Sunday, October 25, 2009

Griffin Technology's radio SHARK 2 Review

I've been testing the radio SHARK 2 by Griffin Technology for a few weeks and a few of my friends have asked me when I would be writing my review of this product on my blog.

Griffin Technology has released 2 versions of the radio SHARK. The visible difference between the 2 versions is that the first release of the radio SHARK is white and the second release of the radio SHARK is black. My review is on the radio SHARK 2 which according to people who have tried/reviewed both versions being the later release of the product is also the better of the 2 products in terms of sound quality and radio reception.

The radio SHARK improves AM/FM radio in much the same way as a generic PVR improves television. It gets its name from the shape (it is shaped like a shark's fin).

The radio SHARK is an AM/FM radio that connects to a PC via USB and allows users to record programs as well as time-shift live radio. Using the radio SHARK, you are able to "pause" live radio with a user defined buffer of up to 99 minutes (with the included radio SHARK 2.1.0 Build 214 software). The radio SHARK is USB powered so you won't need a spare power outlet in order to use it.

In terms of the AM/FM reception, I find the audio from the radio SHARK 2 to be quite good. The radio SHARK 2.0 comes with an external antenna that can be used in the earphone jack. I find that even without the external antenna (or anything) plugged into the antenna/earphone jack, the sound quality is still quite good.

In addition to the external antenna and software CD, the radio SHARK 2 also comes with a USB extension cord. For best reception, I recommend placing the radio SHARK as far away as possible from the computer. I also recommend placing it away from any device that produces strong radio waves like a microwave, wireless router, etc.

When the radio SHARK is on, the lights on the side of it power up (can be user controlled via the included software).

I find that the software included with the product to be somewhat limited. It does what it was designed to do (pause live radio, instantly record the radio, automatically schedule recordings, manually tune to a radio station, change from AM band to FM band, add a particular radio station to your list of favourites, and jump a few seconds forward/backward during a radio broadcast). However, when listening to the radio, there is no time indication on the buffer. The visual buffer length is the same size regardless of how much time is buffered. The software records in 3 formats (WMA, WAV, or MP3) and the software also integrates the recordings into iTunes if necessary. I have not tested the iTunes integration since I didn't have an iPhone, iTouch, or iPod at the time of my testing.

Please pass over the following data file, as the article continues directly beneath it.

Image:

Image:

I like the radio SHARK 2 but I found a bug with it. After running the program for a few hours (~5 or 6 hours), on my Vista PC, the audio quality would become incomprehensible for some reason. The sound quality after using the program for 5 or 6 hours becomes very distorted and it seemed as if it was overlapping 2 different radio stations into 1 so it was almost incomprehensible. I have tried various settings in order to fix this myself but haven't been able to. The only solution that I found was that in order to temporarily fix this, I would have to exit the program and restart it. This would of course reset the amount of audio that was already buffered to zero and the buffering would start from zero. I contacted technical support regarding this problem and other than having me uninstall/reinstall the software, they were of little help.

Since the product doesn't prominently appear on the company's homepage, I think that the product will be discontinued soon and they won't fix the problem. I have been able to.

If having the product run 24 hours is important to you, I can't really recommend the product based on my issue with it on my Vista PC. However, if you only plan on running the program for a few hours a day as well as being able to either schedule or manually record your radio programs/stations, it is a decent product. The only thing is that after the scheduled recording, the program will continue to run and after the 5 or 6 hours of running, the sound quality will become distorted again. If your next scheduled program occurs before you're able to reset the sound quality (be exiting the program), you will be recording something incomprehensible. I have created a script which exits the program after my scheduled recording finishes which helps solve this problem.

What I like about recording my radio programs/stations onto my computer's hard disk is that I can use the Aluratek's Internet Radio Alarm Clock with Built-in WiFi and connect to my PC (configured as a media server) so that I can listen to my radio programs when I want even when I'm not in front of my PC. I can also place these radio station recordings onto my MP3 player or onto an iPhone/iPod/iTouch and listen to them when I'm outside of my home network.

If you have any questions/comments regarding this blog entry, please don't hesitate to leave a comment in the comments section.

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